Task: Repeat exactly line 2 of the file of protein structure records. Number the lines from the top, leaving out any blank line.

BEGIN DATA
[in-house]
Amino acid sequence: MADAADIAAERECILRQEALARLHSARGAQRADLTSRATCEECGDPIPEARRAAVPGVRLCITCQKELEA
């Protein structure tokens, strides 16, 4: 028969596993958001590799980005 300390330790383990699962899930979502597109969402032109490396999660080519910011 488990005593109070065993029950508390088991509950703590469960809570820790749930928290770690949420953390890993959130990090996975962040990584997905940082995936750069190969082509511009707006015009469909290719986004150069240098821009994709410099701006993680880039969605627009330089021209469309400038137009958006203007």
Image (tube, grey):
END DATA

Amino acid sequence: MADAADIAAERECILRQEALARLHSARGAQRADLTSRATCEECGDPIPEARRAAVPGVRLCITCQKELEA